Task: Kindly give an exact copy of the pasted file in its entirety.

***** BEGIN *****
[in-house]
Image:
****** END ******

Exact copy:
[in-house]
Image: